As I pull up to Birnam Arts I scan anxiously for a free parking space, but there are none to be found. We drive up the hill a bit, navigating the dodgily parked cars, but there is nothing there either. Finally, we get parked about a quarter of a mile down the street. It's not a pretty park and a traffic warden would probably question its legality, but at least we can get to the show.
Bear's Den is the band that has brought the gig-goers to Birnam in their droves this Friday night. I have checked out a couple of their videos on YouTube and liked what I heard but I had no idea that they had developed such a large (and punctual) fanbase. The last time I have seen Birnam Arts this busy was when The View played their 'Hats Off to the Buskers' 10th anniversary gig back in 2017.
I'm here with my friend Paul and as we queue for the bar he takes a look round the room and says: "Damn, we are the oldest people here". He's right, the last gig we went to together was the amazing Dean Friedman Backstage at The Green Hotel, and the audience there skewed a lot older. This crowd though has me feeling so old that I start Googling botox and hair plugs. They are both way too expensive though, and besides, I have enough pain in my life as it is without volunteering for it.
I'm here with my friend Paul and as we queue for the bar he takes a look round the room and says: "Damn, we are the oldest people here". He's right. As the show begins the hall is already nearly full and we find a space to stand near the back. The support act, Christof van der Ven, is a Dutch singer-songwriter who has been providing banjo, guitar and harmonies for Bear's Den since full-time band member Joey Haynes left the band back in 2016.
Christof plays an extremely well-received set of his own material from his soon to be released Empty Handed album. His fingerpicking style is delicate and romantic, putting me in mind of '60s era Leonard Cohen, but he has a sweeter voice, more along the lines of James Taylor. The songs too show great potential, with 'Lucky' (which for some reason reminds me of 'Fire and Rain'), the lush waltz 'Big Men At Heart' and 'Empty Handed' among the highlights.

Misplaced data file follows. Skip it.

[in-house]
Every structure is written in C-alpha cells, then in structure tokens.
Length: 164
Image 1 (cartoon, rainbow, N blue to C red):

It's not long before Christof is back on stage accompanied by Bear's Den frontman and guitarist Andrew Davie, plus multi-instrumentalists Kevin Jones and Marcus Hamblett. They start with a song off of their debut 2014 album 'Islands'. 'Elysium' is a song that for some reason did not thrill me on record but it seems to adapt extremely well to a live setting. Stripped of its production flourishes and subtly augmented by Marcus's trumpet, it seems a much more direct and urgent affair, with a lovely lyric urging 'don't let bitterness overcome you'.
Even better is the beautiful 'Magdalene'. It has a cracking banjo line played by Christof and an anthemic chorus courtesy of Andrew. Already the crowd are starting to sing along. It is one of those gigs where the other concert-goers are such dedicated fans that you start to feel embarrassed about not knowing any of the words. One of those gigs where the guy to the right of you is giving it laldy so you wordlessly sing some random vowel shapes to try and hope you don't stand out.
Bear's Den are great showmen and the audience just about lose their s*%t when they unplug from the PA system and do a rendition of 'Sophie' completely unamplified. Bear's Den are great showmen and the audience just about lose their s*%t when they unplug from the PA system and do a rendition of 'Sophie' completely unamplified. It is a touching moment, marred only by a drunk guy pushing his way noisily through the crowd shouting: "I've got drinks, coming through! Coming through!" He looks around, unsure of his place in the crowd, "Natalie! Natalie! Where are you?! I've got your rum and coke!"
The best songs of the night are saved for the end though. 'Above the Clouds of Pompeii' is a real tear-jerker dealing with a child's grief. 'I was too young to understand flowers slipping from her hand ... don't cry, hold your head up high, she would want you to, she would want you to'. This is followed by 'Agape' which finds the guys unplugging their instruments again and heading into the crowd, where the audience form a circle around them. It's a sweet song with a Fran Healy melody and it is a fitting end to a night of expertly performed laid back music.
Rona Munro's version of Mary Shelley's Frankenstein is a very modern chiller, with great a set, impeccable performance and evocative sound design.
September 11th Wednesday 2019
The Echo Lab in Perth offers taster sessions for both guitar and drums. Colin fancied seeing if he had what it takes to be the next Jimi Hendrix.
September 2nd Monday 2019
The Blonde Bombshells of 1943 is a nostalgic slice of musical theatre brought to you by the talented repertory cast at Pitlochry Festival Theatre.
August 30th Friday 2019